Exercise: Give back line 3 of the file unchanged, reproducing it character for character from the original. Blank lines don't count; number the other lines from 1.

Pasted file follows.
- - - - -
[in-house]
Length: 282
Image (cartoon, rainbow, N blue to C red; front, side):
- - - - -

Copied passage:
Image (cartoon, rainbow, N blue to C red; front, side):